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Father and son return to the stage, together. Again. No regrets.
Ephraim Birney, left, and Reed Birney at Barrington Stage Company in Pittsfield, Mass., June 11, 2021. The father-son duo first performed “Chester Bailey” in West Virginia in 2019 — now they're reprising their roles in the Berkshires. Lauren Lancaster/The New York Times.

by Alexis Soloski



NEW YORK (NYT NEWS SERVICE).- In his Instagram profile, Ephraim Birney describes himself as “the black sheep out of work actor in a family of black sheep working actors.” Born and raised in New York, the 24-year-old actor is the elder child of Reed Birney (a Tony winner in 2016 for his performance in “The Humans”) and Constance Shulman (“Doug,” “Orange Is the New Black”). His little sister, Gus Birney, has appeared in the TV series “The Mist” and “Dickinson.” Ephraim Birney has booked jobs, too — “Gotham,” “The Americans” — but not quite as many.

“The weird thing isn’t that I’m an actor,” he said during a recent video call. “The weird thing is that I’m not working as an actor.”

But Ephraim Birney, who was seated next to his father in the kitchen of their summer home in the Catskills, is working now. On Friday, the father-son actors begin performances indoors (indoors!) of “Chester Bailey,” Joseph Dougherty’s heart-raking two-hander at Barrington Stage Company in Pittsfield, Massachusetts. (The show, running through July 3, is being advertised as this summer’s first indoor theater event in the Berkshires approved by the Actors’ Equity Association.) Ephraim Birney stars as the title character, a Navy Yard worker who suffers a devastating injury in 1940s Brooklyn, and his father plays the doctor assigned to his care. The drama explores illusion, reality and the comfort imagination can provide.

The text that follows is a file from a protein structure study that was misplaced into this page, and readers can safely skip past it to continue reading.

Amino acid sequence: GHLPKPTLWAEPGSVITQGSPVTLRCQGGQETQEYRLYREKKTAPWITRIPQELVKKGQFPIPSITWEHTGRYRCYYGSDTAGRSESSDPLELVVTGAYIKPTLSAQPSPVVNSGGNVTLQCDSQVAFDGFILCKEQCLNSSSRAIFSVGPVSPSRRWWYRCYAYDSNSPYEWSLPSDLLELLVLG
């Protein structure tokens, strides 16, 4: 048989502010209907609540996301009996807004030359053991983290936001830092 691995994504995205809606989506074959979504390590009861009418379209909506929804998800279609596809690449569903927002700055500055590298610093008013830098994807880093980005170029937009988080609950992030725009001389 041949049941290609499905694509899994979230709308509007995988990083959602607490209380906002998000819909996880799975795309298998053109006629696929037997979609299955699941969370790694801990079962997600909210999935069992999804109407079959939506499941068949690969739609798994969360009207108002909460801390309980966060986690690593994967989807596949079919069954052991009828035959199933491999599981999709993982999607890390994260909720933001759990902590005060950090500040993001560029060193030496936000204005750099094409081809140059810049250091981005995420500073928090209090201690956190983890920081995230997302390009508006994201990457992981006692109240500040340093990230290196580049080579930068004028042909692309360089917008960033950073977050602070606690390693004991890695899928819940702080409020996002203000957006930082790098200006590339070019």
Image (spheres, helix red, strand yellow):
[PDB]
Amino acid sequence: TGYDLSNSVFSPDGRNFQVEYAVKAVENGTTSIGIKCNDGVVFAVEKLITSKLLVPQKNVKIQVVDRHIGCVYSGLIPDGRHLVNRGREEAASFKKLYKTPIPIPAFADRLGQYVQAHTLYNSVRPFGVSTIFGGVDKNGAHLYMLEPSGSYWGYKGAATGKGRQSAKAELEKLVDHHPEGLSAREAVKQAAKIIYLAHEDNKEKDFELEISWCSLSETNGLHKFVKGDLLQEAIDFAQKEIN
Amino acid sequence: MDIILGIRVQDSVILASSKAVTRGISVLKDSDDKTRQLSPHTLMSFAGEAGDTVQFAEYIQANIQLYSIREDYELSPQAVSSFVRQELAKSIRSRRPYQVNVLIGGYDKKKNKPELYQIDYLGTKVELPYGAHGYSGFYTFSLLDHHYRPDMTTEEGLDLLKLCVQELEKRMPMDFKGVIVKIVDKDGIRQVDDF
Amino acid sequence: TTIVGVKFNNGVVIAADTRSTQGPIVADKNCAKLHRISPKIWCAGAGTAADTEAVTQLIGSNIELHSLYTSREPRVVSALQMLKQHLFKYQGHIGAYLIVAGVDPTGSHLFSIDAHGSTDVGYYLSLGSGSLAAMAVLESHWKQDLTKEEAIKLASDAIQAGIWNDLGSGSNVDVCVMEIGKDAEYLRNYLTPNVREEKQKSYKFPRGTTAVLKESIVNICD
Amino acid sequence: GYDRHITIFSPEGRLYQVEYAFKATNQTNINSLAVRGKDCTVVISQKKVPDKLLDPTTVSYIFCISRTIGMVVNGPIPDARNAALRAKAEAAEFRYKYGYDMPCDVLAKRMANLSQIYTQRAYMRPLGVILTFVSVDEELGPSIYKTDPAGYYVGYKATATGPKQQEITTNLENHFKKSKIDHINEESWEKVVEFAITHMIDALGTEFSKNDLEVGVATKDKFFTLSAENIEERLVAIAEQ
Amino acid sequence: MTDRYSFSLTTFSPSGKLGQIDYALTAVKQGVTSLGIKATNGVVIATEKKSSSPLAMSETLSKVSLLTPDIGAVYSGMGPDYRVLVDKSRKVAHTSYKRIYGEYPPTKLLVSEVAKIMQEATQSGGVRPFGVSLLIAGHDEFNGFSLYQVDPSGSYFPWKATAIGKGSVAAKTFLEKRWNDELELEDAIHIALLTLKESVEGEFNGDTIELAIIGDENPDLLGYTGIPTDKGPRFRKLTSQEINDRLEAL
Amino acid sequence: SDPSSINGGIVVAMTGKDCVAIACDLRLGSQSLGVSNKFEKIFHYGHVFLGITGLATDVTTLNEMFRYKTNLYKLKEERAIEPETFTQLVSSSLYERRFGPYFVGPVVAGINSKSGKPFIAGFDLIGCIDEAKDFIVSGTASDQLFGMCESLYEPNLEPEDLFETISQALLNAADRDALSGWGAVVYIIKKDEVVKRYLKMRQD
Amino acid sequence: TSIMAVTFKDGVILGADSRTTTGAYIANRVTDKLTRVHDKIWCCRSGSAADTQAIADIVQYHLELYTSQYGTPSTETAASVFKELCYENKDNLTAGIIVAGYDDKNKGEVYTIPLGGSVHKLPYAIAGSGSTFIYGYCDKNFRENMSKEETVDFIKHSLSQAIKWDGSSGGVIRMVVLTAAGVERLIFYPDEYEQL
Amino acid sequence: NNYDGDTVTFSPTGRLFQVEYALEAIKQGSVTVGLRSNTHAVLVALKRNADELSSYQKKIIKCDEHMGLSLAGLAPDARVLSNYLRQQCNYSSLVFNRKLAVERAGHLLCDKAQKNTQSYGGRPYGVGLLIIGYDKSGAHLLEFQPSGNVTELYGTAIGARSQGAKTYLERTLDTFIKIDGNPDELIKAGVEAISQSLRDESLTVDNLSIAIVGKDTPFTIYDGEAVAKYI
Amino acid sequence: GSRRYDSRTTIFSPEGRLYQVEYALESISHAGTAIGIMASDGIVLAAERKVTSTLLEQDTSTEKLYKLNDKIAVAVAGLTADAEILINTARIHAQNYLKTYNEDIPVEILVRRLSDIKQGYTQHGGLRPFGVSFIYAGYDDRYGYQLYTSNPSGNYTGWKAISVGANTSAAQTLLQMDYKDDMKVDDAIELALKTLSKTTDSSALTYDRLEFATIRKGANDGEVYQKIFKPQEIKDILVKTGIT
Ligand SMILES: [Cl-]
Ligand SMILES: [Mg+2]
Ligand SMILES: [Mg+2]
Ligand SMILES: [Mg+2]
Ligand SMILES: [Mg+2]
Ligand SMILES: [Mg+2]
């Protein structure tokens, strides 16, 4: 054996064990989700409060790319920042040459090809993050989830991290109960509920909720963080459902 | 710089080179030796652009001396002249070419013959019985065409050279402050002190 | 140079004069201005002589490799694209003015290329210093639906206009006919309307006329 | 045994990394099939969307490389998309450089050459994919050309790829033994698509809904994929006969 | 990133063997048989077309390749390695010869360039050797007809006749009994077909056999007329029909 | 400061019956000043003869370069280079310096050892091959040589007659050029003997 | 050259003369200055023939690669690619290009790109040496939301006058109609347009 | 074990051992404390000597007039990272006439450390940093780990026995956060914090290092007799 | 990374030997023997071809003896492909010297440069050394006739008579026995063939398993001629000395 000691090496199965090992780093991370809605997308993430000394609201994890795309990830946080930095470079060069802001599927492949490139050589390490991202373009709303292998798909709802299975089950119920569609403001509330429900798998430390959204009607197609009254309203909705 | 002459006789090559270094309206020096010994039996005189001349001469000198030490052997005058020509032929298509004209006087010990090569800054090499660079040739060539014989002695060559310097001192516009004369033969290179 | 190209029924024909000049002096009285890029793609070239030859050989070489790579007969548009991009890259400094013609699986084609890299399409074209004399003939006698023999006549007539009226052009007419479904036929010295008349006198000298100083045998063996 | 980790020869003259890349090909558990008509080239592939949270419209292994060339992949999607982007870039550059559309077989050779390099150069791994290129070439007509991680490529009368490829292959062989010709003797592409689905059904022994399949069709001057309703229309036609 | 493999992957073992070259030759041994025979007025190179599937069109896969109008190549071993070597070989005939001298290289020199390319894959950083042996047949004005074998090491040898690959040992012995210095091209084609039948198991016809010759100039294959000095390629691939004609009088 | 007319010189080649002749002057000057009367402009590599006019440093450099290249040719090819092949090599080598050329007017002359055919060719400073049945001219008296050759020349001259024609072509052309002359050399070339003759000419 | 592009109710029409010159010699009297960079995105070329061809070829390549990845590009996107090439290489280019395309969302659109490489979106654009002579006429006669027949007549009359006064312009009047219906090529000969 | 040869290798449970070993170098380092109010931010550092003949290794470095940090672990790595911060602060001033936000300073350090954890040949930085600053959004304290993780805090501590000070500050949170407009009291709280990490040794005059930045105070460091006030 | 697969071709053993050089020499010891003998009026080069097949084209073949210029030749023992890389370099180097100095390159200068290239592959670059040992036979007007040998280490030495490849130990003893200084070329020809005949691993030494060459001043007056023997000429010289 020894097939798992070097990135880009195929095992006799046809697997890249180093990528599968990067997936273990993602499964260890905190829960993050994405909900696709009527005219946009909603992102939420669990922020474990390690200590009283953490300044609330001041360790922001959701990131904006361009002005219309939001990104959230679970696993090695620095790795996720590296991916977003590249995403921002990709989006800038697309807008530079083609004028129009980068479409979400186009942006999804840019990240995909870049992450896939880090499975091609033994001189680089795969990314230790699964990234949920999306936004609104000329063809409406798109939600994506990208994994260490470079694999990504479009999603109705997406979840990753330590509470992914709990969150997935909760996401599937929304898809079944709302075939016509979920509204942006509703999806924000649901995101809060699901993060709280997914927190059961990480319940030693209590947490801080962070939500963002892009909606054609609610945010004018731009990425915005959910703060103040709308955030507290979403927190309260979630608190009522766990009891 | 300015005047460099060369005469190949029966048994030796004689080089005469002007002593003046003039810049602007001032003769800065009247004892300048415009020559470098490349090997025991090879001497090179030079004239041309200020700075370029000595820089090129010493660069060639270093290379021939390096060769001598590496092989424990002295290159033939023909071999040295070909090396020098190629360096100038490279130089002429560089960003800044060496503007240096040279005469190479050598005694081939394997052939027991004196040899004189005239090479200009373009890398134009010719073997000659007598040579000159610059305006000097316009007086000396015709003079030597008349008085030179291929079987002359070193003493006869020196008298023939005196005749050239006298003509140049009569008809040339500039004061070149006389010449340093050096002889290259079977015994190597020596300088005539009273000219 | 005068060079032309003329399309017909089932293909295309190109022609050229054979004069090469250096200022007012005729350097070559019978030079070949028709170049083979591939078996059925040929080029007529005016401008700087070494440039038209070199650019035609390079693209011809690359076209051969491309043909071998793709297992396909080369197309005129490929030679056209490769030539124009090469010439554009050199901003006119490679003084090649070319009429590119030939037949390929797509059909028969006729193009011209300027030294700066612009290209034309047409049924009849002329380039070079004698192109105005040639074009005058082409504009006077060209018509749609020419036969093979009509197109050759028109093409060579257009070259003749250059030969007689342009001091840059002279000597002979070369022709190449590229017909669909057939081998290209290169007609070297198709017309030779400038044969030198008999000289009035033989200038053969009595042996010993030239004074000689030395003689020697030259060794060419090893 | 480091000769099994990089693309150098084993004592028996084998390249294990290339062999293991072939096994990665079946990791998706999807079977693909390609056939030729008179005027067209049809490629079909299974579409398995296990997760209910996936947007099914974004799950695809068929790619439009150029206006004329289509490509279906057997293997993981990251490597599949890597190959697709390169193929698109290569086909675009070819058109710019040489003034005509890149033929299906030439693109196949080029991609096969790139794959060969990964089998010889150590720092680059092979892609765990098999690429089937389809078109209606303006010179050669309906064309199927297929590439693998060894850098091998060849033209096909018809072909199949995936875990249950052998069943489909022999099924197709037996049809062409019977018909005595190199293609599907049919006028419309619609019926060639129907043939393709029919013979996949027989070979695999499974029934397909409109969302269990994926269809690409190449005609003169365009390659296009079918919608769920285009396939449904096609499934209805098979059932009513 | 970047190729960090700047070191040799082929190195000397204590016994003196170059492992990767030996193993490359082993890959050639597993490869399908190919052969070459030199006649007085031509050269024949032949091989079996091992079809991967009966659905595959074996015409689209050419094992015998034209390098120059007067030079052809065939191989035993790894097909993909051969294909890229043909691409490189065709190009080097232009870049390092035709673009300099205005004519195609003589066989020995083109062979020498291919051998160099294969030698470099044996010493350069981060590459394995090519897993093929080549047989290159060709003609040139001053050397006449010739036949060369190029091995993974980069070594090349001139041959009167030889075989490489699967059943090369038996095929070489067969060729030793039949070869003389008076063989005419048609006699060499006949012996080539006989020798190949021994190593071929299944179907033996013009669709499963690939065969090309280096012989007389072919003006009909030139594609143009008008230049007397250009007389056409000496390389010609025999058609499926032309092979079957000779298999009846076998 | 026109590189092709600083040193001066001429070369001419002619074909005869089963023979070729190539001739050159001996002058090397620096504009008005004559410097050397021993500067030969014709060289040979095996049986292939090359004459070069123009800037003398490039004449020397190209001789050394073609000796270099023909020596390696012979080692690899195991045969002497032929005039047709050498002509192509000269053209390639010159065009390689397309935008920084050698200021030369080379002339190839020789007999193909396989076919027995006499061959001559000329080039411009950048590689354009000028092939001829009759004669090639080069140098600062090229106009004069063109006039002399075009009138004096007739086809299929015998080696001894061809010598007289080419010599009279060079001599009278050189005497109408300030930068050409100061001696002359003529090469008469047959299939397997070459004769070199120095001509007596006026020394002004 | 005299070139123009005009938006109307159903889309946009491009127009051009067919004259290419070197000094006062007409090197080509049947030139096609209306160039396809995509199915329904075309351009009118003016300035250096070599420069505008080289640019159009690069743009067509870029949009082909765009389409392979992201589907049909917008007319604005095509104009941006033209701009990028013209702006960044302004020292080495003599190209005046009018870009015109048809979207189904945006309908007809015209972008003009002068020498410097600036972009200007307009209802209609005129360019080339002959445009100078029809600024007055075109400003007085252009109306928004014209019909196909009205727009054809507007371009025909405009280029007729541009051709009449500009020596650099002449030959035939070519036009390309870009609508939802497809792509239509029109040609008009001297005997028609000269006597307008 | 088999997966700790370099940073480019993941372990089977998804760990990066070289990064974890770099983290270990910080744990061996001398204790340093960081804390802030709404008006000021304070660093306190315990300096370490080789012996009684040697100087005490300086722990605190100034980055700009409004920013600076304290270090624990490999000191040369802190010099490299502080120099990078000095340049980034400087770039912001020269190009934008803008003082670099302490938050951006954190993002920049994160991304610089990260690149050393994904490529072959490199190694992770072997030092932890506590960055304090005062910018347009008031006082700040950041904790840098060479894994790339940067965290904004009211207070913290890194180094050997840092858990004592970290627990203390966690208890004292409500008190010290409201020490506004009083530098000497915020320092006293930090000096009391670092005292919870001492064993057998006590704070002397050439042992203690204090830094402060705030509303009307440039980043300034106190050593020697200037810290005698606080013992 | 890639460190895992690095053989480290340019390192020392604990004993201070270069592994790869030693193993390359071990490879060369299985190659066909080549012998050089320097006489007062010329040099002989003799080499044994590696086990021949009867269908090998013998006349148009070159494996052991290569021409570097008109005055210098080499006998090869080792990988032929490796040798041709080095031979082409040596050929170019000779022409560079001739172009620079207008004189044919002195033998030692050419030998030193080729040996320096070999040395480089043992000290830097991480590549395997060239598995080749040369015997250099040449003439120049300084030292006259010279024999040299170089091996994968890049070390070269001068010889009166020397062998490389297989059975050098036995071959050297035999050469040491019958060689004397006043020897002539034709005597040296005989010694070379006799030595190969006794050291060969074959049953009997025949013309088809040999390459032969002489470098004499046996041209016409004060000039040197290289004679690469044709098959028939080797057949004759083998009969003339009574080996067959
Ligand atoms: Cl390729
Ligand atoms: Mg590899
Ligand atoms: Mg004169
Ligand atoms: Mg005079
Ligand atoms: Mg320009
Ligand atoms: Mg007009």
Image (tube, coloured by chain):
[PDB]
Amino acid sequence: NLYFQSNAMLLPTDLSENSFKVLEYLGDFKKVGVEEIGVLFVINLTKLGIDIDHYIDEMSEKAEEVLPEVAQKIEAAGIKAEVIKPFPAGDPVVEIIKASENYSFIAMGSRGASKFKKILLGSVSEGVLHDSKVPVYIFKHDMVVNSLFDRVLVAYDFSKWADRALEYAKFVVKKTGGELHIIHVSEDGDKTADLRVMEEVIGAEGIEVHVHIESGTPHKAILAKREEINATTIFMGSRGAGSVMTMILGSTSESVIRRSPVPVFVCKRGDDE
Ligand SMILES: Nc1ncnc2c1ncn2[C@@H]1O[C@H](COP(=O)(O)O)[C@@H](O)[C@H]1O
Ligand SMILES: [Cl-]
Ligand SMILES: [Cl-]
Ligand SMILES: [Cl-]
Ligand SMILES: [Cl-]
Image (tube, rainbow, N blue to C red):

“As sad as this play is, and it is deeply sad,” Reed Birney, 66, said, “there’s something so beautiful about how these two men have affected each other.”

The Birneys first took on these roles two years ago, for the Contemporary American Theater Festival in West Virginia. After a long pandemic-prompted break, spent mostly swimming and gardening at their upstate house, they have returned to them, with the same director, Ron Lagomarsino. During our hourlong call, the Birneys spoke about the vagaries of the business, learning to treat each other as colleagues and getting back to theater, together. These are edited excerpts from the conversation.

Q: For “Chester Bailey,” were you recruited as father and son?

EPHRAIM BIRNEY: No, it was a thing that I had auditioned for, on my own.

REED BIRNEY: I knew Ron Lagomarsino, the director, because I’d done “Hay Fever” with him in 1982 at the Kenyon Festival Theater. We’d stayed friends. So I wrote Ron, and I said, “My boy’s coming in for your show.” Suddenly I got an offer. I was not really interested in doing a play again for a while. But then I thought, if I say no to working with Ephraim, I will regret it for the rest of my life.

EPHRAIM: And you’ve regretted it ever since.

Q: When you started rehearsing the play in 2019, what was it like to encounter each other as co-stars?

REED: We were both nervous about that. But we both were really impressed at how very quickly we became colleagues.

EPHRAIM: It’s like your second home, a rehearsal room. It’s what you’ve always said. And it feels very, very cool that I get to play in that same room.

REED: One of the last days we were in West Virginia, we were driving back from the theater. And he said to me, “Thank you for treating me as an equal.” He’s so beautiful in the play. It’s really something to see. It’s a beautiful, beautiful performance, really simple and heartbreaking.

Q: Reed, when did you know you wanted to be an actor?